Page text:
In this paper we first compare house price cycles in advanced and emerging economies using a new quarterly house price data set covering the period 1990-2012. We find that house prices in emerging economies grow faster, are more volatile, less persistent and less synchronized across countries than in advanced economies. We also find that they correlate with capital flows more closely than in advanced economies. We then condition the analysis on an exogenous change to a particular component of capital flows. We find that a global liquidity shock, identified by aggregating bank-to-bank cross border flows and by using the external instrumental variable approach of Stock and Watson (2012) and Mertens and Ravn (2013), has a much stronger impact on house prices and consumption in emerging markets than in advanced economies. In our empirical model, holding house prices or the exchange rate constant in response to this shock tends to dampen its effects on consumption in emerging economies.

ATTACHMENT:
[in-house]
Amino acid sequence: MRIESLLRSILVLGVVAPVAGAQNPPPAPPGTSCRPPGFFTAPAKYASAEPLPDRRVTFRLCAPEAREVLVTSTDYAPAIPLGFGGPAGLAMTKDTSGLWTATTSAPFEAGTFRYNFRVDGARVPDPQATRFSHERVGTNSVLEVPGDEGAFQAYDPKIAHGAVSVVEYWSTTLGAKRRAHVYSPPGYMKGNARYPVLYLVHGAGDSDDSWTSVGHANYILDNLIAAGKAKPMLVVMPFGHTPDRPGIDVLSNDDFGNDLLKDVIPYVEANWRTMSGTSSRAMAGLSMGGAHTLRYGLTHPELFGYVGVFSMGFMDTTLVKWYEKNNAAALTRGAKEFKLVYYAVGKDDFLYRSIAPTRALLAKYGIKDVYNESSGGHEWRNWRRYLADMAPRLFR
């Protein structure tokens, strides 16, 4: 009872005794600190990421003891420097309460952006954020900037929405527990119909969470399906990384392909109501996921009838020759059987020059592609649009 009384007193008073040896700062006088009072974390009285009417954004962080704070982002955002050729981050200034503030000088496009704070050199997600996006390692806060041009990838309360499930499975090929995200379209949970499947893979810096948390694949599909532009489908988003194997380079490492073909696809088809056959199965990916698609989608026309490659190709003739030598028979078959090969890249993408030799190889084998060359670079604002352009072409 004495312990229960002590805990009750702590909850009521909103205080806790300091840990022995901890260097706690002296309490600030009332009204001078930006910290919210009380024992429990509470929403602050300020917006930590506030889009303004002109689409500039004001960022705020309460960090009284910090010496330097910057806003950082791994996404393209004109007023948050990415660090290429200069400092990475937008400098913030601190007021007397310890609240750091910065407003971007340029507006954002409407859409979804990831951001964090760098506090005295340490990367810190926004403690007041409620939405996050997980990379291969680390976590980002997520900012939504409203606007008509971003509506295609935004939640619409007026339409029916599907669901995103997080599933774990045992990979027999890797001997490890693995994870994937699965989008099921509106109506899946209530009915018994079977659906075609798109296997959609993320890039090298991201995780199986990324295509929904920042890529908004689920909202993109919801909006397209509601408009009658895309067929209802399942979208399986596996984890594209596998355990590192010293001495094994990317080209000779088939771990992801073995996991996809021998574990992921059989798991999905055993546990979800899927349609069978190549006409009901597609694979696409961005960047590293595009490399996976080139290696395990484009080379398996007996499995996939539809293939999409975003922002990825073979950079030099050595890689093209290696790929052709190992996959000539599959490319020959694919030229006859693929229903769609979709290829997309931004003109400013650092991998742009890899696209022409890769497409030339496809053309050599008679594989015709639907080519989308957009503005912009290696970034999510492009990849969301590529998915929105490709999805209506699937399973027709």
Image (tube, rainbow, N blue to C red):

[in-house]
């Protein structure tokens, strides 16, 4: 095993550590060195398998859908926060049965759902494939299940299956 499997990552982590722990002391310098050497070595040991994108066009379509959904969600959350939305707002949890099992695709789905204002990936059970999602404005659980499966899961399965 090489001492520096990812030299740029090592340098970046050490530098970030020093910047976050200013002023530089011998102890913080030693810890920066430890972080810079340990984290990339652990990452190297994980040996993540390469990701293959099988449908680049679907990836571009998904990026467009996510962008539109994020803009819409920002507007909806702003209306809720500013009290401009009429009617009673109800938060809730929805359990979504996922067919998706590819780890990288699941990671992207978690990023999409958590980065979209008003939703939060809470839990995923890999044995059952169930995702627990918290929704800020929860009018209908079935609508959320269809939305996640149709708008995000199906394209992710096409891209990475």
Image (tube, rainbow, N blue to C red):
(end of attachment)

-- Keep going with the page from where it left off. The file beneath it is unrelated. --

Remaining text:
Global Liquidity, House Prices, and the Macroeconomy: Evidence from Advanced and Emerging Economies
Submitted by Staff on February 25, 2015
|Date: January 1, 2015|
|Author(s): Ambrogio Cesa-Bianchi, Luis Felipe Cespedes, and Alessandro Rebucci|